Modernity in Hong Kong Hong Kong: between tradition and modernity - China Online
A tour of Hong Kong in the 1930s.
In 1997, Hong Kong was returned to China. Despite promises that colonial architecture would be preserved, if you visited Hong Kong after 1997 you would have been surprised by the disappearance of much which once appeared in travel guidebooks.
Hong Kong: between tradition and modernity
Star Ferry as I cross Victoria Harbour from Kowloon to central Hong Kong. Next I admire the view from Victoria Peak before descending the mountain on the tram funicular. The video concludes back on the Star Ferry as I journey back to Kowloon.
A Symphony of Lights is staged every night at 8:00 p.m.ThemesThe Show comprises five major themes, taking spectators on a unique journey celebrating the energy, spirit and diversity of Hong Kong:The first scene "Awakening" begins with flashes of laser lights that give life to a nucleus of light-energy which gradually illuminates participating buildings using an array of dancing lights and rainbow colour. This scene symbolizes the genesis and powerful growth of Hong Kong.The second scene "Energy" is represented by the display of rising colour patterns and the sweeping of the lasers and searchlights energetically across the night sky, signifying the vibrant energy of Hong Kong.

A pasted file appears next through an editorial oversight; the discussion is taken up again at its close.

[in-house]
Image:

Pictures and some video footage from Hong Kong: Kowloon District, views from Victoria Peak and Lau Tan Island
Visiting Hong Kong photographed this little-big world made up of both modern vision and old tradition. It was not difficult to move the glance from a skyscraper away to a typical, old Chinese food market.Hong Kong has a total population of 5.7 million, of which about 98 per cent are Chinese in origin. In this demographic sense, Hong Kong is essentially a Chinese society. In the cultural sense, Hong Kong also appears as a Chinese society. Most of the Chinese people, especially the adults, were immigrants from China.
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